This project took place at an outpatient mental health setting, and offers new understandings in our pursuit for communal well-being. It documents the unique participation of group members in the co-creaction of new knowledge and better understanding of human relationships using a participatory action research methodology. The article explores how improvements can take place in the lives of people diagnosed as chronically mentally ill. It demonstrates how a postmodern, collaborative approach to group therapy impacted the ways in which persons diagnosed with serious and chronic mental illness recreated their identities, thereby affecting their ways of relating to others and to themselves. It examines the social and communal components of understanding human behavior, moving away from an intrapsychic and individualistic framework. Doing so allows us to expand our awareness and utilize our humanity in the treatment of people who have been diagnosed with mental illnesses. The role and power of collaboration are illustrated by considering the unique ways group members presented their ideas and behaved with one another. Possibilities for more sustainable ways of living together and sharing meaningful moments are considered. This article can serve as an invitation for how mental health professionals can also contribute to a culture of peace.

Author Bio(s)

Celia Quintas is a clinical private psychotherapist and an Associate of the Taos Institute. She was raised in Brazil but lived in Europe for years where she learned several languages, which also allowed expanding her understanding and flexibility in dealing with people. Celia completed a Masters Degree in Education and later in Mental Health Counseling. She has worked in community mental health centers, private psychiatric hospitals and currently in private practice. Her work and research focus on topics involving social constructionist ideas in our understandings of mental illness and social justice. She concluded her Doctoral Degree from Nova Southeastern University, Florida, last year. Email: mcelia@nova.edu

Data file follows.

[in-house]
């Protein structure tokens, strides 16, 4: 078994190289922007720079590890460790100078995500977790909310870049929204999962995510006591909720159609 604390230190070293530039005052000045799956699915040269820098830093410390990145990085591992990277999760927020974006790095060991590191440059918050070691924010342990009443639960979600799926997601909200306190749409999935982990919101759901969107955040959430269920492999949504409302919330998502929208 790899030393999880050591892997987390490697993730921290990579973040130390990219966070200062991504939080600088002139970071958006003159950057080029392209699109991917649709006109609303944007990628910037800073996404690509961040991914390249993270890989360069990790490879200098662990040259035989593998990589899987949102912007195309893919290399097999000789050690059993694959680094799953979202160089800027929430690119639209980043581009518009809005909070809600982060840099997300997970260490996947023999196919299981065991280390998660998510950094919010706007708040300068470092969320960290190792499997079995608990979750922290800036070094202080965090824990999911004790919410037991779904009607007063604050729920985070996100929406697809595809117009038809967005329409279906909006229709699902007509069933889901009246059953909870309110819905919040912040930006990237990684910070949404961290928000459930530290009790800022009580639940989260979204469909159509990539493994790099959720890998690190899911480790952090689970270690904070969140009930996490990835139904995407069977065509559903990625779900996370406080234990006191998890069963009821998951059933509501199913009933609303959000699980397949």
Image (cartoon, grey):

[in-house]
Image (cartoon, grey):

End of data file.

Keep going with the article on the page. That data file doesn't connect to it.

Christopher Burnett is a Clinical Psychologist, and an Associate Professor of Human Relationship Systems in the Graduate School of Humanities and Social Sciences, Department of Family Therapy, at Nova Southeastern University. He has worked in the mental health field for over 30 years, in both inpatient and outpatient settings, and has always had a strong interest in applying systems thinking principles to understanding issues associated with chronic mental illness. He has been a full time faculty member at NSU for 20 years, and has chaired a large number of dissertation research projects during that time. Email: burnett@nova.edu


group psychotherapy, mental illness, Ohana Project, participatory action research (PAR) methodology, relational identities

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